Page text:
"We know that all things work together for good to them that love God, to them who are the called according to His purpose." (Romans 8:28)

Thursday, July 7, 2011

Lake Champlain Islands

We left the Saint Lawrence River and veered a little south to visit the Almanzo Wilder homestead in Malone, NY. Those who enjoyed the Little House on the Prairie series will remember Laura Ingalls Wilder describing this place in her book, "Farmer Boy."
This is my second visit here when it was not open for tours, so we just toured the grounds.
Then we continued east over the bridge to Vermont.
We stopped at the Visitor Center in Alburg.
Where we were reminded who the lake was named for.
My college friend (University of VT), Abby, still lives on the family farm in North Hero. Her father bought the property in the 1940s, but it was in the family long before that. Nan had a nice RV spot by the old barn (no longer being used).
I had a shady spot in what remained of the driveway. Recent and historic record-breaking floods washed out most of the once circular drive.
You can see some of the rocks, logs, and other debris that piled up in the yard.
These two barns were flooded when waves washed out the road and flowed into the other side. A photo was published in the news with the caption: "Covered bridge flooded in North Hero." That gave Abby a laugh.
Abby's front lawn used to extend beyond this tree. Waves and 60 mph winds eroded the soil from around it's roots.
Yet even with all the damage, Abby still has a view to die for. We spent the 4th of July weekend away from the crowds enjoying it.
Afternoon sun
 A place to relax or play.
 Nan and Abby visiting.
 Sunset over Lake Champlain
 A flurry of Tiger Lilies on the bank.
 Roe takes a swim.
 Drying off in the sun.
 Waiting for the red squirrels.
 We watched the sailboats tack back and forth.
 Farm art
 I borrowed Abby's kayak rather than inflate my own.
 Abby's house as seen from the kayak.
 I paddled past this point of land and back.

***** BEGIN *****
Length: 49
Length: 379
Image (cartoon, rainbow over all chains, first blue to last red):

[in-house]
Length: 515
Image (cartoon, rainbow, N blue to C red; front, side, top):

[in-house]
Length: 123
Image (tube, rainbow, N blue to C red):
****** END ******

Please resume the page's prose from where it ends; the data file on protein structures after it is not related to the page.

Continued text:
Abby, her daughter, and Nan chatting on the beach.
 Sailboat in the mist.
 A little ways up the road from the farm is a natural area with trails. Abby was instrumental in getting the town to preserve this land as a public natural area instead of selling it to developers.
The first part of the trail winds through this field of tall grass and wild flowers.
 Then into the cool woods.
 These blue tubes are for collecting maple sap. They are tapped into all the maple trees in these woods.
 The maple trees don't grow in a straight line, so there is a maze of criss-crossing blue tubes along our trail.
 An old (no longer used) sugaring house, where collected sap was once boiled into syrup.
 There are interpretive signs along the trail.
 All the blue tubes lead to the container on the right where the sap is collected. It is then apparently pumped into a vehicle that comes along the dirt road and carries it to a more modern sugaring house to be processed into maple syrup. There was no sign here, so I made this up.
A sign about the Shagbark Hickory Tree and the rare Indiana bat.
 Want to see if there's a rare bat under the bark?
 Well, there's something in there, but it looks more like an insect cocoon than a bat.
 The trail continues on to the other side of the island, but Roe and I came to a muddy place, it was getting hot, and we had brought no water with us (I know, dumb), so we turned around.
 You can see the Adirondack Mountains across the lake from the trailhead.
Later that afternoon Nan tried out the kayak. There she goes...
 And she made it back.
 Then we spent some time skipping stones. Abby's stony beach is covered with little flat stones, perfect for this activity.
 Abby and her sister-in-law swim in the lake a lot. I found it a little too cool for my thinned out blood.
 Well you see what a hectic stressful time we had here. You could see the local fireworks at night...no need to go anywhere, but of course the fiery red sun was the best finale for the day.
 And we'll carry the afterglow of our visit with us. Thank you, Abby.
 On our way to the Bluegrass Festival we stopped to tour the Vermont Teddy Bear Company.
 Where they will custom-make most any kind of bear...even camping bears!
 We watched them being made.
 VT Teddy Bears are guaranteed for life. If one is damaged or destroyed, even if it's your fault, just send it back to their Teddy Bear Hospital.
 And they will either fix it or replace it...free!
 Ahead we see the Green Mountains of Vermont. 
 See you at the Bluegrass festival!


  1. Oh my what great pictures... my favorite is of Roe drying that is one to be framed!! thank Liz for sharing your great trip...

  2. Awesome, as usual! Thanks Liz for taking the time to take us with you!